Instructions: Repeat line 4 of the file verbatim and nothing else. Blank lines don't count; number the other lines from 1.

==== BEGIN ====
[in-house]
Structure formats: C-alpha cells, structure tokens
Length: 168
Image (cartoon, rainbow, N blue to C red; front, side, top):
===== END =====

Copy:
Image (cartoon, rainbow, N blue to C red; front, side, top):